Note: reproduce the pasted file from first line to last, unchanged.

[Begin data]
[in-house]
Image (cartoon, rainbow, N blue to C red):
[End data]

[in-house]
Image (cartoon, rainbow, N blue to C red):